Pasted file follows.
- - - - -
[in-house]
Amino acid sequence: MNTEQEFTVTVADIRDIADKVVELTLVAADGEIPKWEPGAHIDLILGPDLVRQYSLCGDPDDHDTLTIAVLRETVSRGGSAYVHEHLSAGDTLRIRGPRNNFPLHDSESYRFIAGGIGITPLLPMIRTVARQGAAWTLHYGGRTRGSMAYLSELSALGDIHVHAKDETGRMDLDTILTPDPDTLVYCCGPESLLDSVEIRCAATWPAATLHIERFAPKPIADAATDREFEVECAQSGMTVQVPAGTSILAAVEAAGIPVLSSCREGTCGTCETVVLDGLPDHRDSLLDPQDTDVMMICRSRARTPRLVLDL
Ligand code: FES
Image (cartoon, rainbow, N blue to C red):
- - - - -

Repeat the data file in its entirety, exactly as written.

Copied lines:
[in-house]
Amino acid sequence: MNTEQEFTVTVADIRDIADKVVELTLVAADGEIPKWEPGAHIDLILGPDLVRQYSLCGDPDDHDTLTIAVLRETVSRGGSAYVHEHLSAGDTLRIRGPRNNFPLHDSESYRFIAGGIGITPLLPMIRTVARQGAAWTLHYGGRTRGSMAYLSELSALGDIHVHAKDETGRMDLDTILTPDPDTLVYCCGPESLLDSVEIRCAATWPAATLHIERFAPKPIADAATDREFEVECAQSGMTVQVPAGTSILAAVEAAGIPVLSSCREGTCGTCETVVLDGLPDHRDSLLDPQDTDVMMICRSRARTPRLVLDL
Ligand code: FES
Image (cartoon, rainbow, N blue to C red):